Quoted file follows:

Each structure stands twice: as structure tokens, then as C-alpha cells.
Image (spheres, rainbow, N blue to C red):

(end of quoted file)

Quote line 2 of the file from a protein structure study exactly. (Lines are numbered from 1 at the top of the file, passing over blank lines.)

Image (spheres, rainbow, N blue to C red):